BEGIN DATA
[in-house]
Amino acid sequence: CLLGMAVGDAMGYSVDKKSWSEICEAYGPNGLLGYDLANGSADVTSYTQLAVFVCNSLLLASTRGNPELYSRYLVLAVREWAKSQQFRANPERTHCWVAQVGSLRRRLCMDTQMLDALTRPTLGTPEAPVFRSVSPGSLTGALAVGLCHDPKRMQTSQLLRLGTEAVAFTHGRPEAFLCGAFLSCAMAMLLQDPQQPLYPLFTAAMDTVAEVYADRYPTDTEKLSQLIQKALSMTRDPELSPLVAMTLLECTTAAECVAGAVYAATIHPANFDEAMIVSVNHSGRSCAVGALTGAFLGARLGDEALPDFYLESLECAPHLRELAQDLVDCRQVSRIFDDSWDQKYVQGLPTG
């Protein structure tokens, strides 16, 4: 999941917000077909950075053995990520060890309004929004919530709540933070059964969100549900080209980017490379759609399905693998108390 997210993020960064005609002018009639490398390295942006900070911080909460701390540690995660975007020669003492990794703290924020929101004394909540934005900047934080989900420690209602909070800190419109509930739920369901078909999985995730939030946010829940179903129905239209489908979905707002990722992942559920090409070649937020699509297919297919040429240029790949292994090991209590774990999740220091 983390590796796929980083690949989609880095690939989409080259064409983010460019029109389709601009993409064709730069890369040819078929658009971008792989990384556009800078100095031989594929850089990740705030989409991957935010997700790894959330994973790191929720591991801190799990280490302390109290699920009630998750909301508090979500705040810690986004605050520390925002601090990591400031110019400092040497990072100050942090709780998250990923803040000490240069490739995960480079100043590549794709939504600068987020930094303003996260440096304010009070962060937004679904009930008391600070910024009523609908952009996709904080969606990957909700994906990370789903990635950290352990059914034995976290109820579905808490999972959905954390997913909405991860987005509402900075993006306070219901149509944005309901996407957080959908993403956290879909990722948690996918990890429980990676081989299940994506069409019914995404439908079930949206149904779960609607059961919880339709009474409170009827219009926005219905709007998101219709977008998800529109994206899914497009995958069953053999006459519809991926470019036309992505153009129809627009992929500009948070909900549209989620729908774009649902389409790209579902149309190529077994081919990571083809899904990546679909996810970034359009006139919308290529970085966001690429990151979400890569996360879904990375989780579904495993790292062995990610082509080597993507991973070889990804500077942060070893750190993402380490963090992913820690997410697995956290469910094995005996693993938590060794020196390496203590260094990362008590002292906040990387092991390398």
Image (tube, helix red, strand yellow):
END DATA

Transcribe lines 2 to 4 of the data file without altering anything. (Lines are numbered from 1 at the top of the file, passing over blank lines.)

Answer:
Amino acid sequence: CLLGMAVGDAMGYSVDKKSWSEICEAYGPNGLLGYDLANGSADVTSYTQLAVFVCNSLLLASTRGNPELYSRYLVLAVREWAKSQQFRANPERTHCWVAQVGSLRRRLCMDTQMLDALTRPTLGTPEAPVFRSVSPGSLTGALAVGLCHDPKRMQTSQLLRLGTEAVAFTHGRPEAFLCGAFLSCAMAMLLQDPQQPLYPLFTAAMDTVAEVYADRYPTDTEKLSQLIQKALSMTRDPELSPLVAMTLLECTTAAECVAGAVYAATIHPANFDEAMIVSVNHSGRSCAVGALTGAFLGARLGDEALPDFYLESLECAPHLRELAQDLVDCRQVSRIFDDSWDQKYVQGLPTG
């Protein structure tokens, strides 16, 4: 999941917000077909950075053995990520060890309004929004919530709540933070059964969100549900080209980017490379759609399905693998108390 997210993020960064005609002018009639490398390295942006900070911080909460701390540690995660975007020669003492990794703290924020929101004394909540934005900047934080989900420690209602909070800190419109509930739920369901078909999985995730939030946010829940179903129905239209489908979905707002990722992942559920090409070649937020699509297919297919040429240029790949292994090991209590774990999740220091 983390590796796929980083690949989609880095690939989409080259064409983010460019029109389709601009993409064709730069890369040819078929658009971008792989990384556009800078100095031989594929850089990740705030989409991957935010997700790894959330994973790191929720591991801190799990280490302390109290699920009630998750909301508090979500705040810690986004605050520390925002601090990591400031110019400092040497990072100050942090709780998250990923803040000490240069490739995960480079100043590549794709939504600068987020930094303003996260440096304010009070962060937004679904009930008391600070910024009523609908952009996709904080969606990957909700994906990370789903990635950290352990059914034995976290109820579905808490999972959905954390997913909405991860987005509402900075993006306070219901149509944005309901996407957080959908993403956290879909990722948690996918990890429980990676081989299940994506069409019914995404439908079930949206149904779960609607059961919880339709009474409170009827219009926005219905709007998101219709977008998800529109994206899914497009995958069953053999006459519809991926470019036309992505153009129809627009992929500009948070909900549209989620729908774009649902389409790209579902149309190529077994081919990571083809899904990546679909996810970034359009006139919308290529970085966001690429990151979400890569996360879904990375989780579904495993790292062995990610082509080597993507991973070889990804500077942060070893750190993402380490963090992913820690997410697995956290469910094995005996693993938590060794020196390496203590260094990362008590002292906040990387092991390398």
Image (tube, helix red, strand yellow):